The placer's list of bind hints.

Bind hints have tags, and the game chooses what bind hints to display by determining if they have any tags that are currently shown. For example, here's how the placer uses its tags:

  • Previewing is set while the placer is previewing a brick position.
  • Placing is set while the placer is dragging a brick row.
  • SwitchAxis[123] are used to show the various switch axis prompts (this might be upgraded to a better solution later, bear with me)
  • BuildingSpacing is set if you're placing in a placement mode that allows the usage of spacing (so we hide the spacing hint in resize-drag mode)
  • FloatBuilding is set if you're using floating building (to show the scroll prompt).
  • Reorienting is set if you are reorienting the brick.

And finally, here's a demo of its hint UI updating in real time as you place stuff!

It's all coming together.

Selection Highlighting

One more thing, we added a system to highlight specific bricks and objects with selection outlines in various colors. For example, the Hammer now shows you which brick is going to be deleted with a red highlight:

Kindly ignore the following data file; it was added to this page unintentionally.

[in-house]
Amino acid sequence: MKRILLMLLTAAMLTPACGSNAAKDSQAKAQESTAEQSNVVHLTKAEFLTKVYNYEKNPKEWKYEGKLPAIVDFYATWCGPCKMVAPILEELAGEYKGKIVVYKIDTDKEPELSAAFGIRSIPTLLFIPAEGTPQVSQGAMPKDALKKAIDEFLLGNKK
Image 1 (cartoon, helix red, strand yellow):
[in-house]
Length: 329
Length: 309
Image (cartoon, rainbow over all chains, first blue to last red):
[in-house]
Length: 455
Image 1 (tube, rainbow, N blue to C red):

Selection outline for deletion preview.

Placing new bricks also uses a selection outline around the preview, except it's white. Did you notice it in the videos above?

More to Come!

That's all I have for you today, but there's more coming soon. We'll show the new modes for building physics contraptions. We'll look at the new locking modes, which will bring back the plane locking functionality you can get by holding ctrl, and then some. We'll also be getting into the new orbit mode for building on a controller or Steam Deck, and some new detached mode features.

I look forward to seeing you then. Stay tuned!